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Making No Promises “Politics” music video

Early last year, my band No Promises recorded a couple songs with the brilliant Rafter Roberts at Singing Serpent Studios in San Diego. We have a song called “Politics” that, I think, showcases our energy and singer Kipling Mitchell’s knack for songwriting (plus I get to do a drum solo).

As the 2016 presidential election began heating up last year, I noted an increasing (and exhausting) vitriol in my social media feeds. It’s been so bad that I’ve pretty much lost interest in who becomes the next president. I decided that whenever I felt compelled to post anything denigrating/accusatory on social media, I’d focus that energy on something constructive—making a video for “Politics” seemed as good of outlet as any.

I’m not an animator by any means, but I’ve dabbled in choppy Python/South Park-style animation before. Here’s a video that I made a couple years ago called “If Cats Directed Tuna Commercials” that showcases the style I wanted for “Politics.”

“Cats” is a little over a minute long, and essentially maybe 7 or 8 scenes of animation, which, at the time, took me about two weeks to complete. The challenge with “Politics” was to be able to sustain that style for over three minutes, but with enough scenes/cuts to match the frantic energy of the song.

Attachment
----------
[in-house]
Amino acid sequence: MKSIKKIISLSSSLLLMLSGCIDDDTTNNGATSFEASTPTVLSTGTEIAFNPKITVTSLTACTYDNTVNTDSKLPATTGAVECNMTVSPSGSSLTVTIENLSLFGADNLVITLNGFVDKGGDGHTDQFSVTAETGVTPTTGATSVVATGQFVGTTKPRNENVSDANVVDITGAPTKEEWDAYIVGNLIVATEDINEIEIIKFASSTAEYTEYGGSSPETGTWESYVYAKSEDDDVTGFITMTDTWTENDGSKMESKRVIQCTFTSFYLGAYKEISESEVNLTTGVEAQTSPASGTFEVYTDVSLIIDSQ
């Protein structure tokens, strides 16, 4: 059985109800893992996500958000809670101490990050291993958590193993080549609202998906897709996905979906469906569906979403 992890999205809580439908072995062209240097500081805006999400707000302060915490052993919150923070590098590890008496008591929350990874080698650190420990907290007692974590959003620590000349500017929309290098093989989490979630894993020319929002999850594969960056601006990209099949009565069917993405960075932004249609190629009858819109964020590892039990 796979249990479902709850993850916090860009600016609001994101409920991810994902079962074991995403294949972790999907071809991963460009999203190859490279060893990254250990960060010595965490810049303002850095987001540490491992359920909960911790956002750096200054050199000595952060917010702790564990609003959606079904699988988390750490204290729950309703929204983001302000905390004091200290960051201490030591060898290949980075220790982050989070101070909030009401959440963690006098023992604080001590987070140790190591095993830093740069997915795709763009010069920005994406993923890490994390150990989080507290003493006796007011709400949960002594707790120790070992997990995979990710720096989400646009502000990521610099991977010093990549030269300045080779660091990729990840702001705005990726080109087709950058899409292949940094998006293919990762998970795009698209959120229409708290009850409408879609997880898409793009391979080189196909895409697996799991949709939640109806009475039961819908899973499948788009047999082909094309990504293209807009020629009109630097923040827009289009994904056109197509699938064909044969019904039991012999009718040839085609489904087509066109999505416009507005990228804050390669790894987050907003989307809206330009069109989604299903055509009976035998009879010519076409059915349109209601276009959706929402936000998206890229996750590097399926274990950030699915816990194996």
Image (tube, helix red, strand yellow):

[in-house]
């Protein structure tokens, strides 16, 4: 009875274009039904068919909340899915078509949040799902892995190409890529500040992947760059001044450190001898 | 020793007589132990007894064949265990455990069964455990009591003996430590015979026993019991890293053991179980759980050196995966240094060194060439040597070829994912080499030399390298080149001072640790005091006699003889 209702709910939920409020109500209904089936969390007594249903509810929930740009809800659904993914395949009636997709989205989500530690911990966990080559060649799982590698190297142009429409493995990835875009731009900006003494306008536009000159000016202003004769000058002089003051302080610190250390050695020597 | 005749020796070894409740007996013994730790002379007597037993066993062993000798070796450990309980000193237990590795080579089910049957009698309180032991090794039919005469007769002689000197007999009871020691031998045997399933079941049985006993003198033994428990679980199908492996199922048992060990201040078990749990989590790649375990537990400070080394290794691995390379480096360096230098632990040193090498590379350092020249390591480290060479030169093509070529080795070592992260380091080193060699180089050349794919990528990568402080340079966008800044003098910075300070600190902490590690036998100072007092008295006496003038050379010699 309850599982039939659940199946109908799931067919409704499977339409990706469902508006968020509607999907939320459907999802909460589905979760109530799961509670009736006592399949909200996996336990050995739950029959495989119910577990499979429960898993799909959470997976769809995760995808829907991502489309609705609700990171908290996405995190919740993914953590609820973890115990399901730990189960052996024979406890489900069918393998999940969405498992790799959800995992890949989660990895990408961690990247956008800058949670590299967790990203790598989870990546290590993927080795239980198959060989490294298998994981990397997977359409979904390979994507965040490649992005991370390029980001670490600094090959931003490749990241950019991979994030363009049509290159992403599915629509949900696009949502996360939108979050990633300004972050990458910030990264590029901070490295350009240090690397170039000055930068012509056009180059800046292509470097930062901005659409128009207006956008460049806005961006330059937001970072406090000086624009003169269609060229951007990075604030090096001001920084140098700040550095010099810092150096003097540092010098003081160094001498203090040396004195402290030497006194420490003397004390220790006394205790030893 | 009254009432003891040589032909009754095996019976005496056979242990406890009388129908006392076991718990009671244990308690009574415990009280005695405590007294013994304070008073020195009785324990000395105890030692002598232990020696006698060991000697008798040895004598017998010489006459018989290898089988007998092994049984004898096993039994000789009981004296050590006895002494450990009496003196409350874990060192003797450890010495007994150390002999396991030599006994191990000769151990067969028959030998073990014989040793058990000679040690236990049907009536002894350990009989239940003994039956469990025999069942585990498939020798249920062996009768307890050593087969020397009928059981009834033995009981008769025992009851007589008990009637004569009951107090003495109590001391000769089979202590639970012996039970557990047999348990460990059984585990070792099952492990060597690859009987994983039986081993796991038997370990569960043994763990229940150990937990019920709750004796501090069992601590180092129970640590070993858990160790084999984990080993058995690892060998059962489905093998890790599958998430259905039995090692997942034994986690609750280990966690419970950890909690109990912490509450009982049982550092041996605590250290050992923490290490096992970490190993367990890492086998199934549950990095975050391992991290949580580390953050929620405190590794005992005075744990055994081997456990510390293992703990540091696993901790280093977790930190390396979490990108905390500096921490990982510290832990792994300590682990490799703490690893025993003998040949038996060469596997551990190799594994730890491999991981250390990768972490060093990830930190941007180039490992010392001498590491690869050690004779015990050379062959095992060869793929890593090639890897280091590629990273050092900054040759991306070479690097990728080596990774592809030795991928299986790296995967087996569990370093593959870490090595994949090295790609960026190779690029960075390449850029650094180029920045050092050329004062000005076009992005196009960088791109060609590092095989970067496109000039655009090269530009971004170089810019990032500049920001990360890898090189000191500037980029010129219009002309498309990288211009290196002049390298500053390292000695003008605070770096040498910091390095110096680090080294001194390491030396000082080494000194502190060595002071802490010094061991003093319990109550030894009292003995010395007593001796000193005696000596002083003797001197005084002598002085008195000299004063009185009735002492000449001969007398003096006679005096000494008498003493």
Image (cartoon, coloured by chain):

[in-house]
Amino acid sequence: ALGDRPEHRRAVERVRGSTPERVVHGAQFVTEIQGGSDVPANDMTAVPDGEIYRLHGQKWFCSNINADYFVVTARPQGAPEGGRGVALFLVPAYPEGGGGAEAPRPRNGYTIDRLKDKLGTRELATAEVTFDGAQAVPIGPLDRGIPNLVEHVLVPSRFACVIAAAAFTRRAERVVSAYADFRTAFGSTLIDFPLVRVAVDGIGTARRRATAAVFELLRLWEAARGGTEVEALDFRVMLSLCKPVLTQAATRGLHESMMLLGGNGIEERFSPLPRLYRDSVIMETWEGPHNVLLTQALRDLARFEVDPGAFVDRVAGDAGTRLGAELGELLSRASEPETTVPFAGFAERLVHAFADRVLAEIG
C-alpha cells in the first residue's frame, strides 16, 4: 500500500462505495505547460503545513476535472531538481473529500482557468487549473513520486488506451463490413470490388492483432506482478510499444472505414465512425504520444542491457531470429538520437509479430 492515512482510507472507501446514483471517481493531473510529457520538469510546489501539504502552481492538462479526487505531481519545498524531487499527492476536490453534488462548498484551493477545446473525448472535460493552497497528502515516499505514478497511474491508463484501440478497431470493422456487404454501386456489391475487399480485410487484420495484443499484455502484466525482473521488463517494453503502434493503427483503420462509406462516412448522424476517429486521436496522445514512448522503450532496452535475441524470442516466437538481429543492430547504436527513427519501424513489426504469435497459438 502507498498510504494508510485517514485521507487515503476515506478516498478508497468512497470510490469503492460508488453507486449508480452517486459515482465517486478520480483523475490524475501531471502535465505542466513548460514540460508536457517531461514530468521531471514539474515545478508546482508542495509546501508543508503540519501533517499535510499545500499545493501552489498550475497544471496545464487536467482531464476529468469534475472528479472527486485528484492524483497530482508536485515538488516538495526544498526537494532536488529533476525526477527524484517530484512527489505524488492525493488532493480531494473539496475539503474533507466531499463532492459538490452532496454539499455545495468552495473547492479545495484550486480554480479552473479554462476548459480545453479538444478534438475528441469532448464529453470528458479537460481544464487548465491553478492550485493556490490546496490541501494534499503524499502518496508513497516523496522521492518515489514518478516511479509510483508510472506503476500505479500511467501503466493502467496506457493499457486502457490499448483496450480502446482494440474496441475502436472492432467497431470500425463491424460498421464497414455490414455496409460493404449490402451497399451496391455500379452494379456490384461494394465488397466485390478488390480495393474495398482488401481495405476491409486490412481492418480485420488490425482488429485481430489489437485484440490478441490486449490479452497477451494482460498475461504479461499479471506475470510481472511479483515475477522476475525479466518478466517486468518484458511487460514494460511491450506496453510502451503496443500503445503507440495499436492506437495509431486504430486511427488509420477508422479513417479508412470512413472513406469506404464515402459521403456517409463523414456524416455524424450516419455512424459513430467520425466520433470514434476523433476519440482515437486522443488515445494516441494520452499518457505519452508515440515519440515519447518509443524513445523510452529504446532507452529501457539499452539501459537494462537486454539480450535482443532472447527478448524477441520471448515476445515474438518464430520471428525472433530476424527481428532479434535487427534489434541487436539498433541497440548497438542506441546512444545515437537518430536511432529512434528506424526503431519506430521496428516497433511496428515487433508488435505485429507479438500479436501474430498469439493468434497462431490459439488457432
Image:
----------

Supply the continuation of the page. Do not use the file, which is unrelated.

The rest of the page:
The result ended up taking close to six months. There are over 200 moving pieces in the video. It’s by far the most involved video I’ve ever created.

THE PROCESS 

Like I said, I’m no animator, but I know my way around the Adobe Cloud. The style here was created with Photoshop and Premier—a mixture of stop motion and video motion.

Let’s take a look at when Obama kicks a King Baby Trump’s head off. Here are a few of the images I had to create in Photoshop:

trumpvariations

When cut down to single frames and placed together in Premier, Baby King Trump like he’s kind of, like, gesticulating madly.

It’s the Video Motion capabilities of Premier that give everything the smooth motion. It’s really a beautiful function and once you play around with it, you realize how much you can do.

Here’s what my Premier timeline looks like at that decapitation:

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Video motion (circled in green) allows you to control position of an object on the screen and the scale at which it appears. And, and! it allows you to keyframe these movements (circled in red). The above example shows the motion of Trump’s head as it moves from the point of impact up into the upper right hand corner. The keyframed scale gives it the impression that it’s flying toward us.

THE CHALLENGE

Every stop motion video is going to take time. Manipulating single frames is time-consuming, and there were many points when I would align the clips and then realize I was missing an essential movement. Sigh. Back to Photoshop.

All the images are from Google Image Search. I did not create anything for this video—everything’s found on the Internet. This was a little bit of a problem when I had to find unconventional things like, “Business man in fetal position, cradling skeleton” or “Obama riding drone.”

This project also made me realize the whiteness of Google Image Search. I can’t tell you how something as innocuous like “businessman shaking hands” turns up only white results.

Anyway, it was a lot of fun to make and I hope you enjoy it.

 

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